Britain's trade deficit in goods narrowed more than expected thanks to a 4.9 per cent increase in exports

Factory output grows at fastest pace in four years

Factory output in the UK grew at its fastest pace since 2010 during the first quarter of 2014 and the trade deficit narrowed.

The Government’s Office for National Statistics said manufacturing output grew by 1.4 per cent in the first three months of the year, up from 0.6 per cent in the last three months of 2013 – the best calendar quarter since the second quarter of 2010 and the strongest growth for any three month period since October 2010.

Britain's trade deficit in goods with the rest of the world also narrowed more than expected, sinking to £8.5bn, its lowest since December thanks to a 4.9 per cent increase in exports, and the overall deficit in both goods and services narrowed from £1.7bn in February to £1.3bn in March thanks in part to a surplus of £7.2bn on services.

But monthly changes in factory and industrial output growth were only a shade better than forecast. Industrial output dropped 0.1 per cent on the month in March after a 0.8 per cent rise in February, while factory output grew by 0.5 per cent, building on February's 1 per cent rise.

Despite the recent pick up, manufacturing has lagged behind other sectors since the financial crisis, and is still 7.6 per cent below its level in the first quarter of 2008, when overall economic output peaked.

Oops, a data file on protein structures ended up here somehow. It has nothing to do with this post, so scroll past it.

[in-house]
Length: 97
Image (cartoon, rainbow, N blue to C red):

And as monthly trade figures are erratic, the British Chambers of Commerce also warned that the first quarter of 2014 showed only a marginal narrowing in the deficit compared with the previous quarter and its chief economist David Kern said the pace of change was still painfully slow.

He added: "We need to encourage our existing exporters into new markets, help other businesses export for the first time, and ensure that support for export, both at home and around the world, is resourced for the long term."

The growth in factory output in the first quarter of 2014 was faster than the 1.3 per cent pencilled into an initial estimate of gross domestic product released last month, but a steep fall in electricity and gas supply dragged down the broader industrial output measure.

Industrial output overall expanded by 0.7 per cent in the first three months of 2014, up from 0.5 per cent in the last three months of 2013 but slower than the 0.8 per cent estimate in last month's GDP data.

Today's manufacturing figures beat City expectations but are unlikely to be sufficient to cause a revision to ONS estimates that overall GDP grew by 0.8 per cent in the first quarter.

Construction grew by 0.6 per cent in the first quarter of 2014, twice as fast as assumed in the GDP estimate, and in March was 6.4 per cent higher on a year earlier – its strongest annual rise in six months and one driven by private housing.

But like manufacturing, construction is recovering from a low base and output is still more than 12 per cent below its pre-crisis peak. By contrast, overall GDP is forecast to return to pre-crisis levels in the current quarter.

The Bank of England is due to publish its latest forecasts for economic output and inflation in a quarterly economic report on Wednesday, but Markit chief economist Chris Williamson said the Bank is unlikely to increase interest rates just yet.

He said: "Policymakers will continue to tolerate the strong recoveries being seen in sectors such as manufacturing and construction without hiking interest rates, providing inflation remains low."

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